Proceeds from tobacco this year coupled with donor inflows will be key to anchor the value of the local currency, the Malawi kwacha, during the lean season, economic commentators have said.
Blantyre-based Nico Asset Managers Limited, an investment management and advisory firm, has said this in its latest monthly economic report for August 2013 that the timing of donor inflows will be vital to stabilise the kwacha, cautioning that any likely delay will be damaging to the economy.
“The proceeds from the end of the tobacco market ing season will continue to help stabilise the value of the currency in the short run. However, there is a risk in the delay of donor aid inflows. The timing of the donor inflows will be critical in the lean season,” says the firm in the report, commenting on several economic highlights in August and beyond.
At the close of the 2013 tobacco marketing season, Malawi earned $361.7 million from the crop, an amount which represents 103 percent increase over last year’s earnings, according to final figures compiled by the Tobacco Control Commission (TCC).
Such earnings at auction floors way above the $178 million earned last year, when Malawi witnessed one of the worst tobacco seasons characterised by recurring market suspensions and poor tobacco prices, among others challenge.
“Foreign exchange reserves have increased compared to last year. Significant donor inflows estimated at 40 percent of the 2013/14 budget will help to support the domestic currency value as well as Reserve Bank forex reserves,” says the economic report.
It observes that the forecast of the foreign exchange reserves which has been increased from $154 million in 2012 to $291 million in 2013 will also help stabilise the exchange rate.
The firm also quotes the Economic Intelligence Unit (EIU) which it says has forecast a significant increase in Malawi’s exports by 4.8 percent, an increase from 2.5 percent shrunk in 2012.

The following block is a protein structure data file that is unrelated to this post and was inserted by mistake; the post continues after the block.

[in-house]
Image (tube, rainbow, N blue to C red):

Nico Asset Managers say such an a projected increase in imports should also help in the stabilisation of the exchange rates as there will be a corresponding lower demand of foreign exchange and a corresponding higher supply of foreign exchange.
Commenting on the possible impact of a such an exchange rate, the firm indicates that stable exchange rate will likely boost the ability for companies to better plan their various expenditures and expected costs.
“A stable exchange rate increases price transparency. Businesses and households are better able to compare prices of goods and services without the distorting effects of high exchange rate volatility,” says Nico Asset Managers.
On international relations, the firm has said Malawi is expected to remain in good terms with major donors, namely the United States (US), the United Kingdom (UK) and the European Union (EU).
As such, the company says this should see Malawi continuing to receive donor aid flows.
“Improved inflow of donor funds may help government sustain its reform efforts. Improved inflow of donor funds may also help government resume most of its development projects that were on hold and hence result in improved economic activity which might effectively improve private sector activity.”
Recently, one of the country’s biggest commercial banks, Standard Bank Malawi Limited, ruled out the possibility of the economy to experience massive depreciation of the kwacha as the economy drifts into lean season.
The bank’s director of global markets Frank Chantaya also said it expects the excess supply of dollars on the market to help the central bank, the Reserve Bank of Malawi (RBM), manage any likely excess in the demand for foreign exchange for the importation of fertiliser and other strategic imports at the height of the forth coming peak season.